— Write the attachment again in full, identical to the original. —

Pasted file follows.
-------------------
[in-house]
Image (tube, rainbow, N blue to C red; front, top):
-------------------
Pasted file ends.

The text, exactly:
[in-house]
Image (tube, rainbow, N blue to C red; front, top):